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Was this a normal counselling session?

52 replies

PopcornBits · 31/07/2017 22:02

I had my first counselling session today and I've come away feeling a bit disappointed.
I'm not sure if this is a typical NHS counselling session so I hope someone can shed some light.

Basically she spent 50 minutes yawning through the entire session. I caught her several times staring at something behind me on the floor, whatever it was, seemed like it was distracting her.
She kept "losing her train of thought" which she repeatedly kept saying every time she was trying to think of the counselling regulations they have to warn you about before you proceed.
During the session she spent about 30 seconds saying "hmm yeah, yep, hmm" repeatedly to herself whilst I was sat saying nothing.

By the end of session she asked me what was it that I was actually trying to find... I was a bit confused by this, because I thought counsellors were supposed to help understand emotions and why you feel the way you do.

The session as a whole felt like I was talking to someone who was disinterested and didn't take me seriously.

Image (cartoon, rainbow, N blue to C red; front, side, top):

Baring in mind that the issue I was talking about needs to be reported to the police so not something trivial.

Basically I need to know whether that is normal for a counsellor? I'm not sure if she was just having a bad day, she certainly didn't seem like she should of been doing any counselling that day.

AIBU to cancel my next session and not bother going again?

OP posts:

Pouncival · 31/07/2017 22:05

it doesn't sound normal to me, poor you, sounds awful

I've had lots of counselling at different times in my life and never experienced that, although I do think some counsellors we connect better with than others